In thesis
1. Stress susceptibility, beta-blocker use and cancer survival
Open this publication in new window or tab >>Stress susceptibility, beta-blocker use and cancer survival
2020 (English)Doctoral thesis, comprehensive summary (Other academic)
Abstract [en]

Accumulating evidence suggests that chronic stress may influence tumour biology through activation of neuroendocrine pathways and thus impair survival. However, measuring stressful exposures and their influence on health is challenging, partly due to substantial inter-individual variation in stress susceptibility. The thesis aimed to explore whether stress resilience and use of β-adrenergic receptor blockers, which are implicated in regulation of neuroendocrine stress response pathways, are linked to survival after a primary cancer diagnosis using data from Swedish national registers. In a cohort of male cancer patients born during 1952-1956 who had their stress resilience assessed during a mandatory conscription examination in late adolescence, low compared with high stress resilience was associated with a higher overall mortality rate. Statistically significant reductions in survival were observed among men with carcinomas of the oropharynx, prostate, upper respiratory tract, and Hodgkin’s lymphoma. In a cohort of patients diagnosed with pancreatic adenocarcinoma during 2006-2009, β-blocker users had a lower pancreatic cancer mortality rate than non-users, particularly among patients without distant metastases at diagnosis. In a cohort of patients diagnosed with non-small cell lung cancer during 2006-2014, there was no clear association between β-blocker use and lung cancer survival, but we cannot exclude the possibility of associations in some sub-groups defined by histology, stage and β-blocker types. In a cohort of patients diagnosed with hepatocellular carcinoma during 2006-2014, β-blocker use was associated with lower liver cancer mortality, particularly among patients with localised disease. A higher-magnitude inverse association was observed for non-selective β-blocker use. In conclusion, greater stress resilience and β-blocker use are associated with improved survival among patients with some cancer types, and this may be explained by a variety of pathways.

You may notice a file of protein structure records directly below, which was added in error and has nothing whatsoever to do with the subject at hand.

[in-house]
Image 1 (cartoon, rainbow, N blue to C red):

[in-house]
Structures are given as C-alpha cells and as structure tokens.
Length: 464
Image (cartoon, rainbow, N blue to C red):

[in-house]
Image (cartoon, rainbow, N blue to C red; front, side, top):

Place, publisher, year, edition, pages
Örebro: Örebro University, 2020. p. 101
Series
Örebro Studies in Medicine, ISSN 1652-4063 ; 212
Keywords
stress resilience, β-blockers, primary cancer, survival analysis, overall mortality, cancer-specific mortality, register-based cohort study
National Category
General Practice
Identifiers
urn:nbn:se:oru:diva-80720 (URN)978-91-7529-338-7 (ISBN)
Public defence
2020-05-28, Örebro universitet, Campus USÖ, hörsal C1, Södra Grev Rosengatan 32, Örebro, 13:15 (English)
Opponent
Supervisors
Available from: 2020-03-18 Created: 2020-03-18 Last updated: 2020-05-15Bibliographically approved

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Udumyan, RuzanMontgomery, ScottFall, Katja